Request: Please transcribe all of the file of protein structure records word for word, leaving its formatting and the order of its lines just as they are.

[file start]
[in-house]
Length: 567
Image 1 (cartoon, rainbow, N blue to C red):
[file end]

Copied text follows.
[in-house]
Length: 567
Image 1 (cartoon, rainbow, N blue to C red):